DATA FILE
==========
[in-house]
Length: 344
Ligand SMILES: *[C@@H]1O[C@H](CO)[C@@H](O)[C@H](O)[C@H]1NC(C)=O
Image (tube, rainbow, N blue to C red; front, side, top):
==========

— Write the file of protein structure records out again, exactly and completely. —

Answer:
[in-house]
Length: 344
Ligand SMILES: *[C@@H]1O[C@H](CO)[C@@H](O)[C@H](O)[C@H]1NC(C)=O
Image (tube, rainbow, N blue to C red; front, side, top):